Failure to provide the required annual or final project reports, or the project outcomes report will delay NSF review and processing of any future funding increments as well as any pending proposals for that PI. PIs should examine the formats of the required reports in advance to assure availability of required data.

PIs are required to use NSF's electronic project-reporting system, available through FastLane, for preparation and submission of annual and final project reports. Such reports provide information on activities and findings, project participants (individual and organizational), publications, and other specific products and contributions. PIs will not be required to re-enter information previously provided, either with a proposal or in earlier updates using the electronic system. Submission of the report via FastLane constitutes certification by the PI that the contents of the report are accurate and complete. The project outcomes report must be prepared and submitted using Research.gov. This report serves as a brief summary, prepared specifically for the public, of the nature and outcomes of the project. This report will be posted on the NSF website exactly as it is submitted by the PI.

VIII. AGENCY CONTACTS

Please note that the program contact information is current at the time of publishing. See program website for any updates to the points of contact.

General inquiries regarding this program should be made to:

  • Susan Fussell, Program Contact, 1125, telephone (703) 292-8074, email: sfussell@nsf.gov

  • William S. Bainbridge, Program Director, 1125, telephone: (703) 292-8930, email: wbainbri@nsf.gov

  • Petros Drineas, Program Director, 1125, telephone: (703) 292-7338, email: pdrineas@nsf.gov

  • Darleen L. Fisher, Program Director, 1175, telephone: (703) 292-8950, email: dlfisher@nsf.gov

  • Tanya Korelsky, CISE/IIS, 1125, telephone: (703) 292-8930, email: tkorelsk@nsf.gov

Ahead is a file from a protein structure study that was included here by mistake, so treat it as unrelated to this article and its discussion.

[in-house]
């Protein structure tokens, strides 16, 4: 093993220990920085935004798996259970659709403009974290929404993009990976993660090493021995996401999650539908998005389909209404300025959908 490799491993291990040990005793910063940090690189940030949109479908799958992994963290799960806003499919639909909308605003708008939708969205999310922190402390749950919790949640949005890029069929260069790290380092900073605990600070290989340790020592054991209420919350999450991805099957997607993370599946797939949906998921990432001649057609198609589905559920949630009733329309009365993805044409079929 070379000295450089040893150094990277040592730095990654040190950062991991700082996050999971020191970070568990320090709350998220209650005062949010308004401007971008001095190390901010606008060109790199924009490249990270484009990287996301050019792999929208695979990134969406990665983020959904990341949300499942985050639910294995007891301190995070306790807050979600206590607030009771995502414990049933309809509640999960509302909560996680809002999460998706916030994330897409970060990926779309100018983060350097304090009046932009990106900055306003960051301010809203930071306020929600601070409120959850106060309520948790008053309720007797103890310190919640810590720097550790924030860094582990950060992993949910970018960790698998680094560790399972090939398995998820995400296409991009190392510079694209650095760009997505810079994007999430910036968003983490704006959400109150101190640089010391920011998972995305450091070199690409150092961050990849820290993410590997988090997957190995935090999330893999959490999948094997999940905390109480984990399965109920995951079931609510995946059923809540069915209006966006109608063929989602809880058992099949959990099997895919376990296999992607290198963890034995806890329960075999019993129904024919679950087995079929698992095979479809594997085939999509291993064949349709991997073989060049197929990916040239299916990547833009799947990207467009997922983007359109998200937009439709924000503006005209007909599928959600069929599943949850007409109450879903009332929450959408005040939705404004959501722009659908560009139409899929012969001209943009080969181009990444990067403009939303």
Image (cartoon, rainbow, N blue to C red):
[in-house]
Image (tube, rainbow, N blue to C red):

• Frederick M. Kronz, SBE/SES, 995, telephone: (703) 292-7283, email: fkronz@nsf.gov

  • Betty Tuller, SBE/BCS, 995, telephone: (703) 292-7238, email: btuller@nsf.gov

For questions related to the use of FastLane, contact:

For questions relating to Grants.gov contact:

  • Grants.gov Contact Center: If the Authorized Organizational Representatives (AOR) has not received a confirmation message from Grants.gov within 48 hours of submission of application, please contact via telephone: 1-800-518-4726; e-mail: support@grants.gov.

IX. OTHER INFORMATION

The NSF Website provides the most comprehensive source of information on NSF Directorates (including contact information), programs and funding opportunities. Use of this Website by potential proposers is strongly encouraged. In addition, National Science Foundation Update is a free e-mail subscription service designed to keep potential proposers and other interested parties apprised of new NSF funding opportunities and publications, important changes in proposal and award policies and procedures, and upcoming NSF Regional Grants Conferences. Subscribers are informed through e-mail when new publications are issued that match their identified interests. Users can subscribe to this service by clicking the "Get NSF Updates by Email" link on the NSF web site.

Grants.gov provides an additional electronic capability to search for Federal government-wide grant opportunities. NSF funding opportunities may be accessed via this new mechanism. Further information on Grants.gov may be obtained at http://www.grants.gov.

ABOUT THE NATIONAL SCIENCE FOUNDATION

The National Science Foundation (NSF) is an independent Federal agency created by the National Science Foundation Act of 1950, as amended (42 USC 1861-75). The Act states the purpose of the NSF is "to promote the progress of science; [and] to advance the national health, prosperity, and welfare by supporting research and education in all fields of science and engineering."

NSF funds research and education in most fields of science and engineering. It does this through grants and cooperative agreements to more than 2,000 colleges, universities, K-12 school systems, businesses, informal science organizations and other research organizations throughout the US. The Foundation accounts for about one-fourth of Federal support to academic institutions for basic research.